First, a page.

Tuesday, February 20, 2018

Hahn Arroyo tile, Albuquerque

In Albuquerque, there is tax-funded public art. We knew someone working on tile art—involving kids, teens, people in nursing homes—in a project that would be installed along the drainage of Hahn Arroyo in the Northeast Heights.

Details of the murals were created in pieces, and set together, then filled in between, cemented over with a method created by a company in El Paso (contracted to do the final pass), and that's their wheelbarrow. They take off the top layer of the cement after several hours, and polish up the tile.

At the time of that work, when I described it, I said that Will was paid to put water between fish. His job was much more wonderful, but he did do the arrangement and fill-in of the fish, bugs, and other creatures that had been created in mosaic with his help by people in the community.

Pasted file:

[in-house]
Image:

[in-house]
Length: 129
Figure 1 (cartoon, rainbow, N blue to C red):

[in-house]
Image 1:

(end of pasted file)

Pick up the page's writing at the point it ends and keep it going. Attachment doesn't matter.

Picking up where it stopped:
This is from early morning, October 11, 2011.




Thursday, February 8, 2018

Our wheelbarrow, our back yard

My back gates (one remote controlled for cars, and a wooden one for foot traffic), and the wheelbarrow, standing, viewed from behind an old Dodge pickup we don't have anymore. It had holds in the sides of the bed for 2x2 or steel pipe, so people could put a cattle rack, or staves (as there is one, there, to the left). And the broom is stuck in one of those holes right behind the cab. There was usually a pitchfork in the other behind-cab hole. It made the truck intimidating.

But here, it's being a frame for a (candid) wheelbarrow portrait.



The front of the house is 2905 Tahiti Ct. in Albuquerque, but the back gate looks out toward Juan Tabo (across a parking lot between Fastino's and Discount Tire).

Monday, February 5, 2018

Barrows, no wheels, North Korea

Real barrows. The one in the foreground seems solid. The one on the ground, more flimsy, perhaps. Not sure.

The photo is by a French journalist. (article here)